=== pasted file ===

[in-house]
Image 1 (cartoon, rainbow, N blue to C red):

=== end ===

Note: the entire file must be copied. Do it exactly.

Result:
[in-house]
Image 1 (cartoon, rainbow, N blue to C red):